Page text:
Amino alcohol acrylonitriles as broad spectrum and tumour selective cytotoxic agents

    • Jennifer R. Bakera
    • Cecilia C. Russella
    • Jayne Gilbertb
    • Adam McCluskeya
    • Jennette A. Sakoffb
    • aChemistry, School of Environmental & Life Sciences, The University of Newcastle, University Drive, Callaghan, NSW 2308, Australia
    • bExperimental Therapeutics Group, Department of Medical Oncology, Calvary Mater Newcastle Hospital, Edith Street, Waratah, NSW 2298, Australia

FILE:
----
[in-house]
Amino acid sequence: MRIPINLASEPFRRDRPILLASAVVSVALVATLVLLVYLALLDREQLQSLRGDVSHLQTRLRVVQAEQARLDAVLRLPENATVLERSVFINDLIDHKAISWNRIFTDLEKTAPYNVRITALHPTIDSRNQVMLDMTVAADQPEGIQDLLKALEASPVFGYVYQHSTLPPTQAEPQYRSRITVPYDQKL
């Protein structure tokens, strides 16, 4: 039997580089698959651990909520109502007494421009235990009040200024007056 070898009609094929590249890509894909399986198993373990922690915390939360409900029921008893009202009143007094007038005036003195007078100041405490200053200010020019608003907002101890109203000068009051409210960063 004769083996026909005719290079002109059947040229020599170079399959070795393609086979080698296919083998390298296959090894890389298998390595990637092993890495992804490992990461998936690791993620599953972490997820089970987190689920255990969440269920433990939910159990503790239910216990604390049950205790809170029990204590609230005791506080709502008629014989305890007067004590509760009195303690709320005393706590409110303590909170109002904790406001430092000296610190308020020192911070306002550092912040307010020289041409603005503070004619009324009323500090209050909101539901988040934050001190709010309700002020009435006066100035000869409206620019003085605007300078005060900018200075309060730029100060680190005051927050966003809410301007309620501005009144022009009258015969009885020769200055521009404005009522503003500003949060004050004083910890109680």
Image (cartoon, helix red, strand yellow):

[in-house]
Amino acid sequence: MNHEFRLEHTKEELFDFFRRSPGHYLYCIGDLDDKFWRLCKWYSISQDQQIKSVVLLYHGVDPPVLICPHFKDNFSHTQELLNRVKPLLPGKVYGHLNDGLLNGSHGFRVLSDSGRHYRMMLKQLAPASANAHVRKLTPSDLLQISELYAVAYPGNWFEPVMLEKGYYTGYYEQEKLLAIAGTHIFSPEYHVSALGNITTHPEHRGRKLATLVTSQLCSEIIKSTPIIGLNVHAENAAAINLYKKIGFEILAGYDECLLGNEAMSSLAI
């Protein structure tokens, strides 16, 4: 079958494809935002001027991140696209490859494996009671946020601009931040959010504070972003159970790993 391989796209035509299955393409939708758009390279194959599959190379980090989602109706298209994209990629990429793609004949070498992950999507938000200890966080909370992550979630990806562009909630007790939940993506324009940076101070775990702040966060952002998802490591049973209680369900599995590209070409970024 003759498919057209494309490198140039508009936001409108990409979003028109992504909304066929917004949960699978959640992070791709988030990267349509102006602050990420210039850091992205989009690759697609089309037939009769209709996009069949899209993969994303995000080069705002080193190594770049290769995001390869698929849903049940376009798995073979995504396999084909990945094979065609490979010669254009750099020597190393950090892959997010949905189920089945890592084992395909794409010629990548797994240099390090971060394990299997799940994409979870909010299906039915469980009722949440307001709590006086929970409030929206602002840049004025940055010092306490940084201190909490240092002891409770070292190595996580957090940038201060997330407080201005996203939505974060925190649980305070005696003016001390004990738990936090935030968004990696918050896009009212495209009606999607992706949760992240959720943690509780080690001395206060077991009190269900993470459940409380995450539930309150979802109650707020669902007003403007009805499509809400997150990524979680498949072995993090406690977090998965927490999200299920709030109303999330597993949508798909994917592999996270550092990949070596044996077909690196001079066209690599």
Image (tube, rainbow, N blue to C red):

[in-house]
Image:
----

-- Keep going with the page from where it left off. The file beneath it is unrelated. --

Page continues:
We have identified specific dichlorophenylacrylonitriles as lead compounds in the development of novel anticancer compounds, notably, (Z)-N-(4-(2-cyano-2-(3,4-dichlorophenyl)vinyl)phenyl)acetamide (1) and ANI-7 (2). Herein we specifically probe the SAR associated with the terminal aromatic ring and associated cytoxicity in a broad range of human cancer cell lines. Synthesis of three focused libraries revealed a poor tolerance for electron withdrawing and donating moieties (Library A). A clear preference for hydrophobic substituents on a terminal piperazine moiety (Library B) with good levels of broad spectrum cytotoxicity, e.g.13a (GI50 2.5–6.0 μM), as did the introduction of a methylene spacer with 13i (4-CH3PhCH2; GI50 1.5–4.5 μM). Removal of the aromatic moiety and installation of simple hydrophobic groups (Library C), in particular an adamantyl moiety, afforded highly active broad spectrum cytotoxic agents with GI50 values ranging from 1.7 μM (14k; 1-adamantyl) to 5.6 μM (14i; pyrrolidine). Within these libraries we note lung cancer selectivity, relative to normal cells, of 13h (fluoro substituted acrylonitrile, GI50 1.6 μM, 9.3-fold selective); the colorectal selectivity of 14h (methylpiperidine analogue, GI50 0.36 μM, 6.9-fold selective) and the breast cancer selectivity of 13f (nitrile substituted acrylonitrile, GI50 2.3–6.0 μM, up to 20-fold selective). The latter was confirmed as a novel AhR ligand and a CYP1A1 activating compound, that likely induces cell death following bioactivation; a phenomenon previously described in breast cancer cell populations.

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